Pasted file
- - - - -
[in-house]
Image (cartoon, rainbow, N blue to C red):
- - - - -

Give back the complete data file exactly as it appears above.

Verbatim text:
[in-house]
Image (cartoon, rainbow, N blue to C red):